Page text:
September 26, 2007

E-Mail ROI: Again

The e-mail community is on a mission to prove it is "right".

The community continues to use the "ROI" metric as a way to shoot down paid search, portal advertising, shopping comparison sites, affiliates, and catalog marketers.

ROI is typically measured as the "profit dollars obtained in a campaign divided by the marketing cost to execute the campaign".

E-mail depends upon two very important metrics --- one dramatically working in its favor, one dramatically working against e-mail.

After factoring in staffing levels (which may be comparable for online advertising, catalog advertising, e-mail and search marketing), the incremental cost to do e-mail marketing is low --- almost zero.

By default, this yields a ridiculously high and meaningless "ROI" metric --- the metric e-mail advocates use to defend investment in e-mail ROI.

The metric working against e-mail is sales per contact. E-mail is awful at generating sales volume per contact. Catalogs and paid search are great at generating sales volume per contact/click.

The table below illustrates this fact:

Return On Investment: Marketing Tactics





Catalog E-Mail Paid Search




Demand $4,000,000 $400,000 $4,000,000
Net Sales $3,200,000 $320,000 $3,200,000
Gross Margin $1,600,000 $160,000 $1,600,000
Less Adv. Cost $1,000,000 $1,200 $1,000,000
Less Pick/Pack/Ship $384,000 $32,000 $384,000
Variable Operating Profit $216,000 $126,800 $216,000
Profit As A % Of Sales 6.8% 39.6% 6.8%




ROI 21.6% 10566.7% 21.6%




Circulation / Search Clicks 1,500,000 2,000,000 3,000,000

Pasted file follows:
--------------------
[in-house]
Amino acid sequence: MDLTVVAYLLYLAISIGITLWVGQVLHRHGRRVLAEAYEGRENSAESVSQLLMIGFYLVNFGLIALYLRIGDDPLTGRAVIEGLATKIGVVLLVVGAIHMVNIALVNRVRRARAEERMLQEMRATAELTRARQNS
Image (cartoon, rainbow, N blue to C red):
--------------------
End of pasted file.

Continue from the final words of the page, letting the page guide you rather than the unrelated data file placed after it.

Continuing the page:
$ per Contact $2.67 $0.20 $1.33
Orders 40,000 4,000 40,000
Cost per Order $25.00 $3.33 $25.00

The dynamics of cataloging and search marketing are very different than the dynamics of e-mail marketing. You never hear e-mail advocates talk about a $0.20 demand per e-mail delivered. Nope. E-mail advocates scan a profit and loss statement like this, pick out the two metrics that look the best (ROI and Cost per Order), and then beat up folks who work on other marketing tactics.

Chief Marketing Officers are pressured to drive sales now --- or they lose their job. It's hard to drive sales at $0.20 per contact, when paid search and cataloging drive so much more volume than e-mail marketing.

Dive in head-first, and do your best to maximize all marketing activities. You should have a great e-mail program, using best practices and targeting strategies and personalization to maximize ROI. It is absolutely worth the effort!

Just listen with a grain of salt when you read the research reports and vendor marketing articles that tell you that e-mail has the best ROI, articles and reports that beat up others to justify investment in e-mail marketing.

Look at the net sales and profit dollars generated by each marketing activity, and let those metrics speak for themselves. E-mail will be able to stand on its own merits.

2 comments:

  1. Hi Kevin,

    That's funny you're saying this about email. Every post I have ever done in my blog about email marketing and either it's declining effectiveness or otherwise has generated the most comments from email vendors than any other post I've done on any topic, vendors or marketers alike. Generally defending email excessively... :)

    Yeah, email has a place in our marketing because it's cheap & done well can produce stronger than average email response results. But it definitely has it's downsides (sales volumes vs contact). Nice post!

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  2. Thanks for the message, Jonathan.

    I imagine it would be hard to be an e-mail marketer and have folks beating you up all the time ... you'd probably get feisty and want to fire back at folks.

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